"Tiger Mother" Techniques Have the Right Intention but Wrong Tactics
Amy Chua, a professor of law at Yale University, recently published a book describing her strict child-rearing techniques and experiences titled Battle Hymn of the Tiger Mother (Penguin Press, 2011). Chua, a mother of two daughters, ascribes to a traditional Chinese parenting style that demands nothing short of perfection from her children: allowing nothing below an ‘A’ in all classes, and demanding musical excellence in piano and violin, requiring rigorous practice for hours a day, everyday. She also takes a firm stance on television, video games, play dates and sleepovers – by banning them completely. Chua argues that Western-style parenting is too forgiving of mediocrity and for children to reach their full potential, it is necessary to demand perfection.
While experts say Chua’s methods may be extreme, there is a valuable lesson to be learned from Tiger Mother: setting high expectations for your children will encourage them to reach their full potential, gain self-confidence, and give them the life skills necessary to succeed. “We want kids to develop the psychological muscle to do things well when they don’t feel like it,” says David Palmiter, a psychology professor at Marywood University in Scranton, Pennsylvania.
However, it is important to tailor expectations for each child, realizing what is and is not feasible for individual children. According to Dorian Traube, an assistant professor at USC’s School of Social Work, meeting high-set goals can be empowering for a child who has the potential to do so, but similar goals can discourage children who maybe just aren’t capable of perfection. The take-away message here seems to be this: demanding the best your child can achieve isn’t a bad idea for parents; Chua’s controversial methods, however, are still up for debate.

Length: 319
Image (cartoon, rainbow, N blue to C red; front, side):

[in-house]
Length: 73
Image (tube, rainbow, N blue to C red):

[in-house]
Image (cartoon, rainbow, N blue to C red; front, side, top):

To read more about what the experts have to say regarding Chua’s child-rearing methods, click here.
To read about the discussion and controversy surrounding Chua’s ban on sleepovers, click here.Tags: child development, children, confidence, high expectations, kids, mother, parent child communication, parenting, parenting advice, parenting style, perfectionism, school